Youth Ministry for the Millennials

Interview With Bob and Maggie McCarty

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By Genevieve Pollock

WASHINGTON, D.C., FEB. 22, 2010 ( The face of youth ministry is evolving as the Millennial Generation comes of age. Programs are taking into account more globalized social networks, advanced technology, and greater parental involvement.

Bob and Maggie McCarty, who have a combined 65 years in ministry, spoke to ZENIT about recent developments in this field and plans for the future.

Maggie is the president of Education for Parish Service, and Bob is the executive director of the National Federation for Catholic Youth Ministry.

Together they have published numerous books and articles, including the latest, «Be A Champion for Youth: Standing With, By and For Young People.»

They have presented workshops and retreats internationally, and will be featured Saturday at the U.K. Catholic Youth Ministry Federation congress London.

In this joint interview, they spoke with ZENIT about the elements of youth ministry that transcend national boundaries.

ZENIT: In the recent National Catholic Youth Conference there was a special track for parents. What elements did you highlight for the parents of teens, and how was it received? In general, how engaged are parents in youth ministry?

McCartys: The National Catholic Youth Conference had over 21,000 registered attendees, from 163 delegations. Of that number, more than 4,000 were adult chaperones.  

We began to see a trend that many of the chaperones were also parents of the delegates, so the planning committee decided to introduce a track for parents who were attending the conference.  

The topics that were addressed included «best practices» for raising teens as presented by a parent and teen; an overview of the current research on the faith life of young Catholics; practical approaches to sharing faith within families; and a primer on new technologies for parents.  

The conference also included a networking session for parents and a parent resource room, as well as a general session for young people that focused on strengthening their relationships with family members.  

This track was a great innovation that allowed Catholic parents to support one another, learn in community, and to gain additional skills in parenting happy, healthy, and holy teens.  

When it comes to youth ministry, parents are as engaged as the youth ministry leaders encourage!

There was a myth that suggested that young people didn’t want their parents involved in their activities.

That is not true of the Millennial Generation. Today’s young people, for the most part, welcome their parents’ involvement.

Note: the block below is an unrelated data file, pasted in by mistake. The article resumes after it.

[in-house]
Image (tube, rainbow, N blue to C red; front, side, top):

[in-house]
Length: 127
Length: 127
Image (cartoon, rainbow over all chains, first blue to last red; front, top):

So if a youth ministry leader has the vision to incorporate parents, they are usually very open to having roles. It is also important that youth ministry leaders provide parents the appropriate training and formation for taking on roles in youth ministry.

ZENIT: Could you say more about the messages sent to the youth conference by the Pope and the U.S. Ambassador to the Holy See? What were they saying to the young people?

McCartys: The Holy Father sent a message through his Secretary of State to Archbishop Joseph Naumann of Kansas City, Kansas, for participants in the conference. The message said:

«As the young people celebrate and reflect upon the theme ‘Christ Reigns’ through song, fellowship and prayer, His Holiness encourages them to have no fear in professing — at home, in their parishes and in their schools — that Jesus is King! […]

«As they process through the streets of Kansas City bearing witness to the love of Jesus present in the Most Holy Eucharist, His Holiness is confident that the young people will find new strength to grow in God’s wisdom and to work for the spread of His Kingdom — some even finding the courage to make the radical choice of following Christ as priests or religious.»

The U.S. Ambassador to the Vatican, Miguel Diaz, also sent cordial written greetings, and these were read to the participants as part of the general sessions.

The messages challenged the delegates to live the theme «Christ Reigns» in their hearts, in their public and private prayer and worship, and in the decisions they will make in the future.  

ZENIT: What kinds of results have you seen from these conferences in regards to religious vocations?

McCartys: The National Catholic Youth Conference is a truly unique gathering. In addition to 28 bishops in attendance, there were 250 priest registrants, and 70 religious communities who participated in the interactive exhibit area.  

The four days of the conference are a profound experience of faith in action, and many of the participants — both youth and adults — find their faith nourished and renewed.

We don’t track interest in religious vocations before and after the conference, so we don’t have empirical date, but we know that all of the religious communities were very pleased with their experience at the conference and that a growing number of the young priests were actually participants at the conference when they were in secondary school.